I’ve always been an animal lover, and along with that came a certain amount of do-gooder mentality. Before I accepted my animal communication abilities, I felt compelled to pick up every stray I saw and help them get back home. Or, failing that, find a new home for them.
Back in those days, my opinion was that every dog or cat needs a home – with people – to belong to. But once I learned to connect in and ask whether an animal needed or wanted my help, I realized that not all strays want a home with humans. And not all animals who are out roaming are lost or homeless.
When I’m tempted to pull the car over and get the slip-leash out of the glove box, I ask: “Are you lost? Do you need help?” If they say “Nope, just out ramblin’ around,” I still worry for their safety, but I let them be.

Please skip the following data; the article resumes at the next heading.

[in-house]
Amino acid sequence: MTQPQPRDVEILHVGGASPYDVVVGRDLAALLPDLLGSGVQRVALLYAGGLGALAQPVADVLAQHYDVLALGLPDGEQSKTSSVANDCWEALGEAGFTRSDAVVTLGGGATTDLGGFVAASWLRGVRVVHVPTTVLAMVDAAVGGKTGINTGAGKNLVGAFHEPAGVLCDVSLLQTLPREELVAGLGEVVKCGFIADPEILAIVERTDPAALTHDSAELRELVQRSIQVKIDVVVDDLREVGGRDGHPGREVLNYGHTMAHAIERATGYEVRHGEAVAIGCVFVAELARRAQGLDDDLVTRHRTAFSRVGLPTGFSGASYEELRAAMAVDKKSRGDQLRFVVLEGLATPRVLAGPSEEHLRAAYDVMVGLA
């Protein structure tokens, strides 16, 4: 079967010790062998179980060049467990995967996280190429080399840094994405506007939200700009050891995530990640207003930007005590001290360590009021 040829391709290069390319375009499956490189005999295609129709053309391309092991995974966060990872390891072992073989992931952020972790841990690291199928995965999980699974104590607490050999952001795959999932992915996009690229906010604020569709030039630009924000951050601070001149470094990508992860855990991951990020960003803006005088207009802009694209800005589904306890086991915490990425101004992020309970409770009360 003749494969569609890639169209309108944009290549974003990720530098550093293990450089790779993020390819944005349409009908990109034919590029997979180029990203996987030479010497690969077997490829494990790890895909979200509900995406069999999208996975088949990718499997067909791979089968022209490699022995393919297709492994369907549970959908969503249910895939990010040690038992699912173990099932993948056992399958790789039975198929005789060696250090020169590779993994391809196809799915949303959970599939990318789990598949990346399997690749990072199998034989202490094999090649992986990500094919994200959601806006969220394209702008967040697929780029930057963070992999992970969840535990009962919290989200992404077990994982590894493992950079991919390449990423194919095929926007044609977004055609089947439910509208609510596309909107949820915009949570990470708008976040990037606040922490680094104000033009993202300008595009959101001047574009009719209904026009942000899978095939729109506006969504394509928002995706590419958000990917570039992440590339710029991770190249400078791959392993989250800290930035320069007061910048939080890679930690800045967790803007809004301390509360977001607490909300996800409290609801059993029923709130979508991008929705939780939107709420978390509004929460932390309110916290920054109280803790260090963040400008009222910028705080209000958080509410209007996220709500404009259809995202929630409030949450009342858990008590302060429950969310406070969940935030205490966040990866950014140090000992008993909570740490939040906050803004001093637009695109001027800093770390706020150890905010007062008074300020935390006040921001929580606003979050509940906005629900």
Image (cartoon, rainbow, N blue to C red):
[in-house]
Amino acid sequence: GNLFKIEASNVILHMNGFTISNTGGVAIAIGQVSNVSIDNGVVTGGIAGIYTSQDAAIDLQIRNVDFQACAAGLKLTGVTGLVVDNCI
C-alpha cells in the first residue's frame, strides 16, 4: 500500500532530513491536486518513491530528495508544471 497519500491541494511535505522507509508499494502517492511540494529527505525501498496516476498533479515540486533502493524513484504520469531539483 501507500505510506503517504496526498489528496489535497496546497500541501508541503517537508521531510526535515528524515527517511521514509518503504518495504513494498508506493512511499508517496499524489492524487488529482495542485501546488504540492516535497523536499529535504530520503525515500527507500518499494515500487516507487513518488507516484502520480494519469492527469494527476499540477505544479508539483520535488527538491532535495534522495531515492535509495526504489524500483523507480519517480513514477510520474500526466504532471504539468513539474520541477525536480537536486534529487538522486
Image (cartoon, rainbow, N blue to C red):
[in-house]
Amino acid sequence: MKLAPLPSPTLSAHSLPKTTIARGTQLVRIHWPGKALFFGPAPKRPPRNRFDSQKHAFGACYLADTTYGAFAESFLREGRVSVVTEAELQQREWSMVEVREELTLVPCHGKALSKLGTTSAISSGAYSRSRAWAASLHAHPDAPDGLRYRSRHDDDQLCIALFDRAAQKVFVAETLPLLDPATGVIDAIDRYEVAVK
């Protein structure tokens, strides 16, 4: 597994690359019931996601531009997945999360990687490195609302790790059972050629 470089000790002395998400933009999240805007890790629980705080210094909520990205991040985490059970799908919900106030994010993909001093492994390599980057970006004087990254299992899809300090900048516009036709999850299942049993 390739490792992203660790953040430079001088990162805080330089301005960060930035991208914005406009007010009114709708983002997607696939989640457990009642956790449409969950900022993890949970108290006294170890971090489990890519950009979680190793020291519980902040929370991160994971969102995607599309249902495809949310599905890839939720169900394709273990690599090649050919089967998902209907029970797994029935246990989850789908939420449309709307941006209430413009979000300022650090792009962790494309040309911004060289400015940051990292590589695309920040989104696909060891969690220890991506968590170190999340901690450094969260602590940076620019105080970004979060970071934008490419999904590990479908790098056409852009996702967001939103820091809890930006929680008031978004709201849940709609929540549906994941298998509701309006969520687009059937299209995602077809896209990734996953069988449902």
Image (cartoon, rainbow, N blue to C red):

That dog trotting down the street may be on his way home. That cat may be part of a feral cat colony. Spay-neuter-release programs for feral cats enable them to live out their lives in colonies with their family and friends. Without vet care, their lives may be shorter than those of our domesticated cats, but most are happy with their wild lives, and many colonies are fed daily by volunteers.
Animal communication lets us know when animals need our assistance. But knowing when our help isn’t helpful can be just as important. And animal communication can do that too.